Everyone should have a little mad money. What is mad money? It’s having a little pot of money that is just for you, it’s money set aside for fun, treats, or whatever you want to spend it on! (You don’t even have to budget this money – which is what makes it so fun!)
This was an essential thing that kept me sane while I was on a very strict budget when I was paying off $33k worth of student loan debt. It helped me not feel suffocated by debt and the tight budget I had at the time. If that sounds familiar, or if you ever feel like you want to “cheat” on your budget, maybe this is for you!
Currently I make enough money that I can generally afford a few splurges without busting my budget, and that is an amazing privilege. But I still use mad money for a little cash hoard that I sometimes dip into for yard sales or other silly stuff. It can be fun to have a little cash I don’t have to budget or record. (I’m a rebel 👿.)
Why you need a little mad money
If you’re currently trying to pay off debt then I’m sure there isn’t much leeway in your budget. At least, there wasn’t for me when I was in debt. Mad money was one of my secret weapons when it came to keeping sane on my debt-free journey.
Having little to no room for fun stuff or the ability to be spontaneous does not align with my personality. I like having choices and being able to do things when I want to (of course, within reason). So in comes mad money. This money is not a part of your budget or to be used to pay off debt. This is purely for those spontaneous nights out or self-care pamper sessions, guilt-free. Paying off debt is important, but so is living your life. Mad money allows you to do both without having to worry about not reaching your goals.
How to start a mad money fund
There are a few different ways you can start a mad money fund.
Most often my fund comes from the cash I’ve received from my family during the holidays or my birthday. Another way is if you earned a little extra money from selling something on Poshmark or Mecari and don’t want to put it towards your debt. If you receive a windfall of cash or raise, you could designate a certain portion of it for future fun. You could also give yourself a monthly allotment (if you can afford it without damaging your financial future.)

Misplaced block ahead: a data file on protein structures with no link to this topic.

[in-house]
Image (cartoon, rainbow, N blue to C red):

If I am significantly under in a category in my budget for the month, I’ll mark down that I spent the entirety of that amount but actually pocket the amount I didn’t spend. For example, If I had a $40 personal budget and I only spent $30 I will put that I spent $40 in my budget for that month, clear it out and take that $10 and I’ll stick it in my little mad money fund in my wallet. This aligns with the principals of a zero-based budget, but allows me to spend that money later while my budget says it’s already spent!… aka free for my brain.)
How I use my mad money
Ways I use my mad money can vary but more importantly, I like to be considerate of how I spend it. For example, if I am at the end of my budget or I just want something that I don’t want to have to reconcile into my budget I’ll dig into my mad money.
Similarly, if a friend invites me out for lunch and it’s just not in my budget to go that month then I’ll access my mad money. Like anything I want, I try to make a considered effort to think about every purchase beforehand.
If you’re the type of person that wants to “cheat” on their budget or otherwise rebel from your own plans (guilty), a small fund of money set to use for whatever comes up that brings you joy could help you learn to have more fun with money while still preparing for your future.
Why you should keep your mad money and budget separate
I keep this money in cash only and in a separate pocket in my wallet or in a special spot in my home. This is so I won’t accidentally spend it on something boring or count spending it again.
I use it only as an emergency fund for joy and don’t just spend this fund willy-nilly because it’s not an infinite resource.
Remember you’re the one who gets to decide how you want to use this money. It’s really a tool to help you, as it did me, to not feel as trapped and constricted by budgets. Consider setting the extra money you earn or receive aside and not using it right away for something that you want in the future. It’s worked great for me and I highly recommend it!
I’d love to know if you keep a mad money fund and what rules you have for it. Let me know in the comments.